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Osceola fire could merge with Penn Township

OSCEOLA, Ind. -- At the Osceola Town Council meeting Wednesday morning, businessmen, firefighters and homeowners voiced concerns about how emergency services are currently being handled in the town.

Penn Township handles most of Osceola's emergency services even though it's not paid to do so. The township trustee says they can no longer afford to do that for free.

"The most recent events involving our department has quite frankly, made us feel somewhat taken advantage of," Jim VanBruaene, Fire Chief of Penn Township, said.

He was one of many who voiced concerns regarding recent public safety issues in Osceola.

The town council is taking criticism over how well prepared the town is during an emergency.

Last week, council members terminated 1/4 of its volunteer fire department for "personel reasons"; putting the entire town in the hands of just 12 remaining firefighters.

"The town has provided the best services it can within the constraints of its budget," James Loney, President of the Osceola Town Council, said.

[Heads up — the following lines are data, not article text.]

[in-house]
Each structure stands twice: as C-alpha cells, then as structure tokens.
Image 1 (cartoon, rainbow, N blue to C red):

Almost half of those firefighters aren't medically trained; causing neighboring Penn Township to fill the void.

"As a taxpayer myself, I want to make sure that if I am paying taxes for services, that I'm allowed to get them," Janet Whitfield-Hyduk, Penn Township Trustee, said.

So far this year, Penn Township has shelled out hundreds of thousands of dollars to rescue homeowners in Osceola.

Township officials said they can no longer afford to do so for free anymore.

"We do dual dispatch during the day," Whitfield-Hyduk, said. "What I'm trying to explain is that we'll have to stop, if we do not have a territory moving forward."

"I have full confidence. We vote them in, they listen to us," Randy Leliaert, President of the Osceola Business Association, said. "I'm sure they're going to be able to handle this."

The town has until March 31st to decide whether to merge with Penn Township, or be charged each time Penn Fire is dispatched.

"My favor will go with what the residents want," Loney said.

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